Traditionally this “south Holland cheese dip,” or fondue, is served with bread for dunking. We’ve substituted chunks of roasted beets, sweet potato, and celery root to add more interesting flavors and healthfulness. Be sure to use the two kinds of cheese called for in the recipe; the softer, less-aged Gouda is mostly for texture, while the aged Gouda adds a pleasing sharp flavor. adapted from a recipe by Holland Family Farms.
These versatile mini soufflés make a great addition to the brunch table, can be a filling lunch, or can make a graceful first course at an elegant dinner. They go equally well with sausages or a fruit compote.
In a small saucepot, heat broth to boiling. Add bay leaf, cover, and reduce the heat, holding at a simmer.
Fresh, wild mushrooms, paired with a dense cheese containing truffles, deepen the flavor of this risotto. We especially like using Moliterno Black Truffle Pecorino from Sardinia, but other aged, flavored cheeses can do the job, too.
Toasted coriander and cumin elicit the sweetness of the carrots and the earthy taste of the parsnips in this satisfying pureed soup. Potato binds the soup and gives it a creamy texture, but you can always add a spoonful of cream to take it over the top. For an entirely from-scratch soup, use Somerville’s vegetable stock recipe.
Chef Annie Somerville has chosen spinach and chard for this popular pizza, but you can use all kinds of greens here, including broccoli rabe and kale. Creamy goat cheese and salty olives intensify the flavors. In a pinch, you can use premade pizza dough, but we recommend Somerville’s dough recipe.
For this hearty autumn salad, use Savoy spinach if you can find it—the sturdy, crinkly leaves hold up well against the heat of the olive oil and trap bits of crumbled blue cheese as the salad is tossed together.
Rich Collins of California Endive Farms in Northern California shares his favorite endive salad recipe. It's easy to prepare and perfect at any time of year—including alongside your Thanksgiving turkey.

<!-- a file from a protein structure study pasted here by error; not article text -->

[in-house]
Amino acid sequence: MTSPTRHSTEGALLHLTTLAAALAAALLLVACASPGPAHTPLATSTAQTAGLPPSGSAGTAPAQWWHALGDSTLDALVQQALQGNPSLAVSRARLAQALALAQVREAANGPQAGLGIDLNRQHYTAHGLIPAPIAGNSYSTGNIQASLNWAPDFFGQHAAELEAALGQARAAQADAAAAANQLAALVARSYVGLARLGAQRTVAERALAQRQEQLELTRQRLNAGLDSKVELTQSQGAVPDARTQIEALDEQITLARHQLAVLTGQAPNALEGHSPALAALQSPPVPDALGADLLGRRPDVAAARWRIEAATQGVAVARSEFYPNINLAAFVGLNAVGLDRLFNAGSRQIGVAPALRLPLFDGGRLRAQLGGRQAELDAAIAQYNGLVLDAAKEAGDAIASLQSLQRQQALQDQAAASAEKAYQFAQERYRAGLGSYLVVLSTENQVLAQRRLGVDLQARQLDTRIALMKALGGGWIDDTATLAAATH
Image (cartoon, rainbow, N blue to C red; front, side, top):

In a bowl, whisk together vinegar, salt, and mustard. Slowly add oil, whisking until fully combined. Add parsley. Season to taste with ground pepper.
This recipe by Chef Annie Somerville of Greens Restaurant in San Francisco uses starchy Yellow Finn potatoes as delightful hosts for leeks, spring onions, tender shoots of green garlic, and a variety of cheeses. (If you can’t find Yellow Finn potatoes, Yukon Golds will work.) While Manchego is the featured cheese here, any creamy melting cheese will do. Using masa harina instead of regular flour adds flavor and makes the cakes gluten-free.
Eric McLean is the co-owner of McLean’s Specialty Foods in Nanaimo, British Columbia, which opened on scenic Vancouver Island in 1992. He and his wife Sandy count both Canadians and Americans among their longtime customers.
We know there are lots of great Canadian cheeses, but we can’t find them in the United States. Why?
Legend has it that camembert was first made in the 1790s by a farmer’s wife named Marie Harel, who learned the recipe from a priest from Brie. While these origins are disputed, the delectableness of the cheese is not. And today, with some care and a few pieces of equipment, you can make camembert in your own home.
The only differences between camembert and brie are 3°F during acidification (which occurs at 85°F for camembert and 88°F for brie) and the shape of the molds (4 inches for camembert and 7½ inches across for brie). Traditionally, both cheeses are made from whole milk, but for richer versions you can double the amount of cream.